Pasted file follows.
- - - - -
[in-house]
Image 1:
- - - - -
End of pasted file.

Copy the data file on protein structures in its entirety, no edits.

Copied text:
[in-house]
Image 1: